• Join over 1.2 million students every month
  • Accelerate your learning by 29%
  • Unlimited access from just £6.99 per month

Was Gatsby Great

Extracts from this document...

Introduction

How Great is Gatsby? The title of the novel, 'The Great Gatsby' by F. Scott Fitzgerald, is ironic as the heading's character is neither 'great' nor named Gatsby. He is a criminal who has altered his harsh surname of Gatz to the melodic Gatsby and the life he has created for himself is an illusion. The book's name is the first feature that appeals to the reader. Before even opening the book the person expects Gatsby to be great. The caption, 'The Great Gatsby', itself suggests a theatrical billing given to an artist. It could also symbolise the act of Gatsby's life in the novel. ...read more.

Middle

Furthermore, to encapsulate his wealth Fitzgerald portrays Gatsby in royal, rich colours like "Indian blue" and "apple green and lavender." Materialism is important to Gatsby as he sees it as the only way to obtain Daisy's affection. Everything he does has been out of the love for Daisy, enhancing the view of him being great. Gatsby is therefore the novel's representative of the American Dream. However, for Gatsby, his American Dream is not material possessions but he has obtained wealth in order to fulfil his American Dream which is of course Daisy. Additionally, like the corruptness that shrouds the American Dream, Gatsby's passionate love for Daisy leads to his downfall. The reader admires Gatsby for his extraordinary ability to transform his hopes and dreams into reality. ...read more.

Conclusion

Nick highlights Gatsby's nobility as he describes Gatsby as being polite and having: "one of those rare smiles with a quality of eternal reassurance in it... [he] then concentrated on you with an irresistible prejudice in your favor." The passage is a part of Nick's first examination of Gatsby's character and appearance. Nick describes Gatsby's rare ability to make anyone he smiles at feel as though he has chosen that person out of "the whole external world." This again stresses the importance of Gatsby being 'great'. Conversely, when portraying Gatsby's lavish parties thrown every week at his mansion, which put into context at the time of the 1920s and the Jazz era seem corrupt, with people attending simply to enhance their image to society, Fitzgerald presents Gatsby as aloof and separated from the rest, ...read more.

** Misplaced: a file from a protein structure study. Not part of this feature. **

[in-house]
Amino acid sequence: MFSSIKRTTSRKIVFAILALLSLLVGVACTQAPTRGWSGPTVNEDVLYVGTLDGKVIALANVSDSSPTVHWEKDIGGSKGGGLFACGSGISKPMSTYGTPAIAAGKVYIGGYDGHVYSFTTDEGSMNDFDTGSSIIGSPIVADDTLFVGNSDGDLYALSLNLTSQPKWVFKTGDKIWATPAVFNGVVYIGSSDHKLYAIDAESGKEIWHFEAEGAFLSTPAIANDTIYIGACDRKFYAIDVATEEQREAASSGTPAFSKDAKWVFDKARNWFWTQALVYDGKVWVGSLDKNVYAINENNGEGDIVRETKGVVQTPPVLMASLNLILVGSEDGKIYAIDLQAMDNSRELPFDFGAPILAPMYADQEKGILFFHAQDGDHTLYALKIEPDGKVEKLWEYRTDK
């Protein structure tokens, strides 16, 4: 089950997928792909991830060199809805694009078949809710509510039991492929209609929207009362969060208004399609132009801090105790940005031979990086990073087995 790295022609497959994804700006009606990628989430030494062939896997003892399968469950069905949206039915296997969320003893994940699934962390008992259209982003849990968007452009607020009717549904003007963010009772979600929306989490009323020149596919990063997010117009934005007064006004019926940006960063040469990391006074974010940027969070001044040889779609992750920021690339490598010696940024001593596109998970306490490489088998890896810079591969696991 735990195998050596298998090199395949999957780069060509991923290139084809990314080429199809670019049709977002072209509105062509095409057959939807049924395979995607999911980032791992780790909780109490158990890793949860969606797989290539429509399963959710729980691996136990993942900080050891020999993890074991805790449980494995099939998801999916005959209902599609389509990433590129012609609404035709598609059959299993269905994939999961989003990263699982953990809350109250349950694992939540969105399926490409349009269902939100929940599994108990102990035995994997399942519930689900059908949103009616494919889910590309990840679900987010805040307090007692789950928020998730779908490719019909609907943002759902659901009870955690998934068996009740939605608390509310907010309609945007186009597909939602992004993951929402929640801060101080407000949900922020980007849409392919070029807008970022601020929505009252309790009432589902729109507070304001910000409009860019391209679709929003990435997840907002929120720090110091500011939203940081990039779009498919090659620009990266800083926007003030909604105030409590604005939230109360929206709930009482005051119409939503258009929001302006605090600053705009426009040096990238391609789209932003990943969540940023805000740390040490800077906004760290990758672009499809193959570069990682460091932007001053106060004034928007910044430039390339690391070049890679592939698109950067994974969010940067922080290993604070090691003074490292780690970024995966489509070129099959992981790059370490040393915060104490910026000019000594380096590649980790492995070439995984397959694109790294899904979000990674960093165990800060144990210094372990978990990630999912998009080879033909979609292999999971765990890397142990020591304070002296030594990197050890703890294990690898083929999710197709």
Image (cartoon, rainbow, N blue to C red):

The above preview is unformatted text

This student written piece of work is one of many that can be found in our AS and A Level Other Play Writes section.

Found what you're looking for?

  • Start learning 29% faster today
  • 150,000+ documents available
  • Just £6.99 a month

Here's what a star student thought of this essay

5 star(s)

Response to the question

This is a superb essay; one that repeatedly refers to the question topic throughout their analysis, and by pinning their analysis to said question they are retaining an excellent, unbroken focus for the duration of their answer. The candidate makes ...

Read full review

Response to the question

This is a superb essay; one that repeatedly refers to the question topic throughout their analysis, and by pinning their analysis to said question they are retaining an excellent, unbroken focus for the duration of their answer. The candidate makes a number of insightful proposals about the nature of Gatsby's greatness, and also why they believe it to be an ironic label. All of what is written can be said to be extremely accurate, with a sensitive appraisal of symbolism and character in the novel, and it is a joy to see a candidate that can understand how, the information we read is through the eyes of Carraway, hence the book can be said to have an unreliable narrator. They nicely describe how we come to feel admiration for Gatsby's affectations, all of which contribute to our idea that he is deserving of the title "Great".

Level of analysis

The Level of Analysis is fantastic. It is excellent to see - rather a little too implicitly for my liking (some examiners may miss this) - the separation of Fitzgerald and Carraway - the two are quite different, and the intentions of Carraway are often ambiguous due to his unreliable nature as the narrator. It is very possible he is being ironic by calling the book 'The "Great" Gatsby' however, there were times in the novel that he truly admired Gatsby, as is identified when the candidate refers to Carraway's description of Gatsby's smile and how the reader comes to admire, as Carraway does, Gatsby's fervent determination to repeat the past and achieve his dreams.